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Posted on Sep 25, 2020 by bta
An important characteristic of the Practice is the wide variety of work that our Clients ask us to do. It changes all the time. For a snapshot view and for a virtual tour of the practice click here for a video made by Baggy Scout.
Posted on Sep 25, 2020 by bta
We are delighted to take part in this year’s virtual Doors Open Day 2020, sponsored by the the Cockburn Association
Click here to watch a History of Victoria Terrace, where our office is located (made by Baggy Scout).
Click here to download a more detailed history of the building.
Posted on Aug 31, 2020 by bta
Edinburgh has been very different this August without its many Festivals.
In case you missed it, The Hub - Edinburgh's Festival Centre - published an interview with Ben Tindall in January, reflecting on the past 20 years since it opened its doors and discussing the complex works undertaken by BTA to create this award winning building.
Posted on Jun 18, 2020 by bta
Here is our good friend, David Sim, proudly holding up the Danish translation of his fabulous book SOFT CITY. If a picture is worth a 1000 words then perhaps a drawing is worth a 1000 pictures. With hundreds of beautiful drawings, by David, Creative Director of Gehl People in Copenhagen, this book is priceless! This is a book that will transform settlements large and small throughout the world.
(Blød in Danish means soft or sensitive. By means 'town', as in so many place names, of Scandinavian origin. 'Bye-laws', or by-lags' in Danish, similarly mean 'town laws'. The self-regulation settlements is an historic and fundamental part of a their success.)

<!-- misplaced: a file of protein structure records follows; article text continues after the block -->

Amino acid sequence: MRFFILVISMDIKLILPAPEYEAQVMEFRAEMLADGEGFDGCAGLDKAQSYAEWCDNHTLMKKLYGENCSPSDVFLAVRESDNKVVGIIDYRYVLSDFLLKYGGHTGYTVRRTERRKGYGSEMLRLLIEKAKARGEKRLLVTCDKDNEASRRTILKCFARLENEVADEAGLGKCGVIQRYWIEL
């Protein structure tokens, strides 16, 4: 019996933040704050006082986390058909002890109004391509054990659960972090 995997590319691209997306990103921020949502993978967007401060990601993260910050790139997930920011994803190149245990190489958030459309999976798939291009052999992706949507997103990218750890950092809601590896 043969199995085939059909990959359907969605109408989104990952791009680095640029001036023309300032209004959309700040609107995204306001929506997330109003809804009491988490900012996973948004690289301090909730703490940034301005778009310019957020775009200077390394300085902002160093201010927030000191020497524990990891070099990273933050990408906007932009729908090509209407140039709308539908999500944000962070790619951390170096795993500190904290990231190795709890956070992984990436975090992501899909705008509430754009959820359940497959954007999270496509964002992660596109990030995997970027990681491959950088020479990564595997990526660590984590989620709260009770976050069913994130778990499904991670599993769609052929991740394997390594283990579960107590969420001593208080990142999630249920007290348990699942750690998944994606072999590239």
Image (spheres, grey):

Posted on Apr 23, 2020 by bta
The Keystone Academy, an international school in Beijing, has wonderful bronze dragons sculpted by Ben’s wife Jill Watson on the doors of its Library made by Luke Hughes. Although dragons, we are sure, have anti-virus powers themselves, bronze is anti-microbial due to the high percentage of copper. Nonetheless the school is taking no chances and is also using hand sanitiser.
Their wonderful Librarian, hearing that the UK was short of PPE, with equal care sent us 120 sterile face masks, by 3-day delivery, most of which we have donated to a local surgery.
Posted on Mar 10, 2020 by bta
The Practice is delighted to be recognised by Country Life in their list of the 35 best Country House Architects in Britain. In the spirit of the Country Life cover, here some photos of our office dog Frida and dogs from both mentioned projects; Channel Island and Bonnington House.
Posted on Mar 3, 2020 by bta
Congratulations to our newly qualified Architect, Mathew, after passing his Part 3 exam last week: we are so proud! Now many choices open up for him, not least which cake to try first...
Posted on Feb 27, 2020 by bta
The latest addition to the practice’s library is an 8-volume compendium of all aspects of woodwork, covering everything from design to structure & furniture, in 1904.
The covers are designed by Talwin Morris who was significant part of Charles Rennie Macintosh’s circle and designed a great many book covers for Walter Blackie, Macintosh’s client for Hill House at that date.
Inside the back cover of Volume 5 was the previous owner’s tax return for 1966, other correspondence and fine portrait.
Posted on Jan 22, 2020 by bta
BTA gathered together many of the influential people in Kintyre and Scotland's conservation community to consider the future of Cour House, an exceptional masterpiece by Oliver Hill, which is now almost unhabitable and so uneconomical to repair that its future is very much in doubt. After two days of intense discussions, in very cold conditions, led by author Alan Powers and chaired by AHSS President Simon Green, most left with a determination to see the place saved, but well aware that the difficulties are legion.
Posted on Nov 28, 2019 by bta
We were privileged to be working for Jonathan Miller when he was Chairman of the Fringe. At a Board meeting he asked why the Scottish Arts Council had not given a grant for the iconic shopfront designed with Gerald Scarfe. We responded that they had told us the brief was ‘too restrictive’. The brief was for something ‘eye-catching, fun and representing music, drama, comedy and writing’. Jonathan then went off into a 10-minute reverie on the ‘Disastrous History of the Restrictive Brief’, ranging from Michelangelo to naughty knickers. It was an extraordinary impromptu performance as good as any show. He really was a genius.